An Illustrated Guide to ARIZONA WEEDS

The University of Arizona Press

WESTERN HONEY MESQUITE and VELVET MESQUITE

Illustration

PEA FAMILY-Leguminosae

WESTERN HONEY MESQUITE AND VELVET MESQUITE-Prosopis juliflora (Swartz.) DC. var. torreyana Benson and var. velutina (Woot.) Sarg.

DESCRIPTION-A spiny deciduous shrub or small tree up to 30 or exceptionally 55 feet high, with a trunk 1 to 4 feet in diameter. Usually armed with stout yellowish, nearly straight spines arising in pairs, 1/4 to 3 inches long. The leaves, 3 to 8 inches long, are first divided into 1 to 2 pairs of primary divisions. Each of these is again divided into about 10 to 28 pairs of finely hairy or hairless secondary leaflets, 1/8 to 3/4 inch long.

The small fragrant greenish yellow flowers are crowded on stalked spikes 2 to 5 inches long. The flat tan colored leatherish pods are finely hairy or hairless, 3 to 8 inches long, with a sweetish pulp. The rough bark separates into dark strips, and the wood is hard, reddish brown, with thin yellow sapwood.

DISTRIBUTION-Mesquite is abundant throughout southern and central Arizona, and also occurs in northern Arizona in Coconino and Mohave counties, 1,000 to 5,000 (rarely 6,000) feet elevation; flowering March to August, principally May to June. It is a common tree along the watercourses, washes, and alluvial bottoms where ground water is available. In some areas, the roots may penetrate to depths of 60 feet.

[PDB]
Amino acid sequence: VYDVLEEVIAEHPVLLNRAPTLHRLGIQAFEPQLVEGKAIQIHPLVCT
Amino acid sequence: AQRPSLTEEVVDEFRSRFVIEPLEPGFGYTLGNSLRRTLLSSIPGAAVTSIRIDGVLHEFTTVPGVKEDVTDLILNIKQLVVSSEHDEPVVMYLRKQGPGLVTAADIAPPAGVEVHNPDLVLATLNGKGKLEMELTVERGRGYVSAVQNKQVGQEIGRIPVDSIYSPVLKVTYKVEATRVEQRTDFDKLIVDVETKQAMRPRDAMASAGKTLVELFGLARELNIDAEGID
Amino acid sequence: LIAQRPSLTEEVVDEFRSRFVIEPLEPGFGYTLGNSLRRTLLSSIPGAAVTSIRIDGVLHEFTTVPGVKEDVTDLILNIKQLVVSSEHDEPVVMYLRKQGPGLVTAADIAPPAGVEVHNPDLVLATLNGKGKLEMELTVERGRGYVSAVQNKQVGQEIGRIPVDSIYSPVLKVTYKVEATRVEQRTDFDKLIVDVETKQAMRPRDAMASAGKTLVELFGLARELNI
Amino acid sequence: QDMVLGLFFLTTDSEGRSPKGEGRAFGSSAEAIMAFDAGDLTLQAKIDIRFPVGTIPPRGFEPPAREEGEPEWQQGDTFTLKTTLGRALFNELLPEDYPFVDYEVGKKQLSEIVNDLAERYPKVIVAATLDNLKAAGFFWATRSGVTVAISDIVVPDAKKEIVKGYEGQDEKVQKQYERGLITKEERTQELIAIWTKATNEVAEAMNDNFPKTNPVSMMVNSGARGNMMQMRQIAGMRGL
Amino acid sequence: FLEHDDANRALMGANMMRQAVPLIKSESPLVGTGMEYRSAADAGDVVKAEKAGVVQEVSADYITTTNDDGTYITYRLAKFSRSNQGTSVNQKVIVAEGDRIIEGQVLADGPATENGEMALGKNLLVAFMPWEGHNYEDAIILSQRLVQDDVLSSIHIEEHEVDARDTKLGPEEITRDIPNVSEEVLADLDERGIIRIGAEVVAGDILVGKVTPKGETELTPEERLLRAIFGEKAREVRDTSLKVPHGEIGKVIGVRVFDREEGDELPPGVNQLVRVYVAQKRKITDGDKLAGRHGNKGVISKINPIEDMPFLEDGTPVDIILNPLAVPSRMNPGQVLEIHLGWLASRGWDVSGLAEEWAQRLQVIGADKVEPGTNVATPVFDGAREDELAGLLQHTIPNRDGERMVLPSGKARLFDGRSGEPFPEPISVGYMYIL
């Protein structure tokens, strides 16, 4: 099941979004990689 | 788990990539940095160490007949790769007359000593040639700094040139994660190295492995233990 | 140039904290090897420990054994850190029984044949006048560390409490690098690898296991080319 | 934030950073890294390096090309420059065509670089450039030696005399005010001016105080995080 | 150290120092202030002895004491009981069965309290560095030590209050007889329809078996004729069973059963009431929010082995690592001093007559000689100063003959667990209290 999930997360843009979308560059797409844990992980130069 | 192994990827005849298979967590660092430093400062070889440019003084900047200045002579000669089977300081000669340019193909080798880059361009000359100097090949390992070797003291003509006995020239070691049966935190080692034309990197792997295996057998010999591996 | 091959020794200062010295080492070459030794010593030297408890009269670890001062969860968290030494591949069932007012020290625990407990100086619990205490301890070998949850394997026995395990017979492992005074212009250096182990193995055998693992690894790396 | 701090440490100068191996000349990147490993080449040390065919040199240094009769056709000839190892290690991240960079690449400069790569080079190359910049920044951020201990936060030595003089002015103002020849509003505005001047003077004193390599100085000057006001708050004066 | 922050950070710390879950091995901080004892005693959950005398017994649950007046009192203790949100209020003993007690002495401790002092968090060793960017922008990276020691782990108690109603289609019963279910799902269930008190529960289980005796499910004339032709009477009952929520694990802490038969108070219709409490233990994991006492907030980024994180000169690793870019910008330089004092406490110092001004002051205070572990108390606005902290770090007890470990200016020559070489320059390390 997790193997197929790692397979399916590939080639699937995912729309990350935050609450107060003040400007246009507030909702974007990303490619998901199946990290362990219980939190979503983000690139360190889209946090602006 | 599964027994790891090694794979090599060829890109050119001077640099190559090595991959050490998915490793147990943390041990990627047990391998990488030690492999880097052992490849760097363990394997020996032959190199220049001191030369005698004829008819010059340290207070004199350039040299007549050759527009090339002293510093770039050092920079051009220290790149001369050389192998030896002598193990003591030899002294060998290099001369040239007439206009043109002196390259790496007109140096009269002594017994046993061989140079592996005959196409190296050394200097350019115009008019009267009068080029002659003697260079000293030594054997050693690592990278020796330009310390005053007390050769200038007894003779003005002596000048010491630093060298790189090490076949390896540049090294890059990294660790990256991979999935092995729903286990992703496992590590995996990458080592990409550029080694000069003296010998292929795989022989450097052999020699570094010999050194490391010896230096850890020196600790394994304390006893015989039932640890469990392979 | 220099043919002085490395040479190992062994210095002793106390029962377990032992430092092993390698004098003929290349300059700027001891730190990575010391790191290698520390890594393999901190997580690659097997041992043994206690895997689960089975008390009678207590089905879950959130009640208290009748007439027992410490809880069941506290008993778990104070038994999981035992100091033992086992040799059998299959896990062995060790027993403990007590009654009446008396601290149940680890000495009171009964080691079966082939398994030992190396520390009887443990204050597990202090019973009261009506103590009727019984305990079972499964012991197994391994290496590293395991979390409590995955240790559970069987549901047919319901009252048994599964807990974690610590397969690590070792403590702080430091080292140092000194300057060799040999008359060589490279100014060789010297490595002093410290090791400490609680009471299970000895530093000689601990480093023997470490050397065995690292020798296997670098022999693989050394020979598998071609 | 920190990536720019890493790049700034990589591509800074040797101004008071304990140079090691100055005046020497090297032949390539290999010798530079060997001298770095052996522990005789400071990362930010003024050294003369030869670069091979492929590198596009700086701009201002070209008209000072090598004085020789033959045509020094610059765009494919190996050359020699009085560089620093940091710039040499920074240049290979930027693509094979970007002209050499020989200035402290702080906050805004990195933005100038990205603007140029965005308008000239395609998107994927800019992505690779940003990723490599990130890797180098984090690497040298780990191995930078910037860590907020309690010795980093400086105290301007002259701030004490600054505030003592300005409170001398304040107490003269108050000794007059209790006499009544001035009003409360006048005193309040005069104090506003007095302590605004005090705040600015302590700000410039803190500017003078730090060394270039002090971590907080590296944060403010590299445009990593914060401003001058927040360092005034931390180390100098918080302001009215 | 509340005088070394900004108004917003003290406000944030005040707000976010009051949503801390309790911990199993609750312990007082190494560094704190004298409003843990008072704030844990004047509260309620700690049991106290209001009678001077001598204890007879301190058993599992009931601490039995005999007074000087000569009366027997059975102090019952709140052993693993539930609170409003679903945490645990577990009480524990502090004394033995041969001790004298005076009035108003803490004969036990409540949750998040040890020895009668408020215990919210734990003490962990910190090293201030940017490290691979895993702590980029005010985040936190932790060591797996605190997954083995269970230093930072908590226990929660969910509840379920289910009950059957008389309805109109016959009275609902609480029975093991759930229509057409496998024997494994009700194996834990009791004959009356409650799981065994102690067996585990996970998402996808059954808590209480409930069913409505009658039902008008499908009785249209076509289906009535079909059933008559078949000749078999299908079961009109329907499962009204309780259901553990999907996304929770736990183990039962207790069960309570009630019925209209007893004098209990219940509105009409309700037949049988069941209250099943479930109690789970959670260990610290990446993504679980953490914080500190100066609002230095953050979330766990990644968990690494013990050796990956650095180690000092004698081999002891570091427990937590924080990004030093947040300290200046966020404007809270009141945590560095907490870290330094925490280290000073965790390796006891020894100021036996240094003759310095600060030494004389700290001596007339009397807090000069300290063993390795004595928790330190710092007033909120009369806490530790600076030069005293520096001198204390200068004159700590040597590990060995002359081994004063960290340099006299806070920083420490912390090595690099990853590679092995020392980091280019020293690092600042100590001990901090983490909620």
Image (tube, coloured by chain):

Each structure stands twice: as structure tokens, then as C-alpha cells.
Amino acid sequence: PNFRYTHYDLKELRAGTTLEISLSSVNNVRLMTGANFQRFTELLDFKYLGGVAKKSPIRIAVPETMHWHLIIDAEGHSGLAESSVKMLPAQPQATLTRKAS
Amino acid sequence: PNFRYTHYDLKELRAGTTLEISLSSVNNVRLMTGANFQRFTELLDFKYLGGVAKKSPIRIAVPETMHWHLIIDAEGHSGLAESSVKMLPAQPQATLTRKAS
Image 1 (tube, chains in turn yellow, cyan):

Mesquite is abundant, and has become a serious range problem on the mesas and slopes of the deserts and desert grassland ranges, and occasionally lower oak woodlands where it is often a shrub. The carrying capacity of many ranges has been seriously reduced due to its tremendous increase. Dissemination of the seeds in cattle dung has been an important factor in this invasion. Mesquite pods are relished by all livestock, which, unlike most other pea pods, do not shed their seeds.

POISONOUS PROPERTIES-Livestock are sometimes bothered after eating mesquite beans. This is not due to a poison, but to the formation of large hard balls from the long, tough, stringy margins from green or rain-soaked dried pods. Dried beans are not harmful, as the thick fibers easily break into short pieces when eaten.

Copyright (c) 1972 The Arizona Board of Regents



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